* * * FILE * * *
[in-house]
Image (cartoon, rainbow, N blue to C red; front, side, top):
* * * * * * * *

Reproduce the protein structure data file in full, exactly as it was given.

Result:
[in-house]
Image (cartoon, rainbow, N blue to C red; front, side, top):